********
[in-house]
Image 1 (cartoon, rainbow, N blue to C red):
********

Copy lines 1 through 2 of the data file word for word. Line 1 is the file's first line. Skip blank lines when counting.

[in-house]
Image 1 (cartoon, rainbow, N blue to C red):